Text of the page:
Lethbury, at first, had resisted the idea of a legal adoption; but when he found that his wife’s curiously limited imagination prevented her regarding the child as hers till it had been made so by process of law, he promptly withdrew his objection. On one point only he remained inflexible; and that was the changing of the waif’s name. Mrs. Lethbury, almost at once, had expressed a wish to rechristen it: she fluctuated between Muriel and Gladys, deferring the moment of decision like a lady wavering between two bonnets. But Lethbury was unyielding. In the general surrender of his prejudices this one alone held out.
“But Jane is so dreadful,” Mrs. Lethbury protested.
“Well, we don’t know that she won’t be dreadful. She may grow up a Jane.”
His wife exclaimed reproachfully. “The nurse says she’s the loveliest —”
“Don’t they always say that?” asked Lethbury patiently. He was prepared to be inexhaustibly patient now that he had reached a firm foothold of opposition.
“It’s cruel to call her Jane,” Mrs. Lethbury pleaded.
“It’s ridiculous to call her Muriel.”
“The nurse is sure she must be a lady’s child.”
Lethbury winced: he had tried, all along, to keep his mind off the question of antecedents.
“Well, let her prove it,” he said, with a rising sense of exasperation. He wondered how he could ever have allowed himself to be drawn into such a ridiculous business; for the first time he felt the full irony of it. He had visions of coming home in the afternoon to a house smelling of linseed and paregoric, and of being greeted by a chronic howl as he went up stairs to dress for dinner. He had never been a club-man, but he saw himself becoming one now.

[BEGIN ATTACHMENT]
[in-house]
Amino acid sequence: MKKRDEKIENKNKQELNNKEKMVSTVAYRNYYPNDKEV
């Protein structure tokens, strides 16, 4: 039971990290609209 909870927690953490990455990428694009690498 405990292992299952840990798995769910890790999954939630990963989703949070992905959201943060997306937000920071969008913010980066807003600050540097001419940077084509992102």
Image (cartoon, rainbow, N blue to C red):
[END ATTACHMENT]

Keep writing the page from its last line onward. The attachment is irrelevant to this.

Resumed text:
The worst of his anticipations were unfulfilled. The baby was surprisingly well and surprisingly quiet. Such infantile remedies as she absorbed were not potent enough to be perceived beyond the nursery; and when Lethbury could be induced to enter that sanctuary, there was nothing to jar his nerves in the mild pink presence of his adopted daughter. Jars there were, indeed: they were probably inevitable in the disturbed routine of the household; but they occurred between Mrs. Lethbury and the nurses, and Jane contributed to them only a placid stare which might have served as a rebuke to the combatants.
In the reaction from his first impulse of atonement, Lethbury noted with sharpened perceptions the effect of the change on his wife’s character. He saw already the error of supposing that it could work any transformation in her. It simply magnified her existing qualities. She was like a dried sponge put in water: she expanded, but she did not change her shape. From the stand-point of scientific observation it was curious to see how her stored instincts responded to the pseudo-maternal call. She overflowed with the petty maxims of the occasion. One felt in her the epitome, the consummation, of centuries of animal maternity, so that this little woman, who screamed at a mouse and was nervous about burglars, came to typify the cave-mother rending her prey for her young.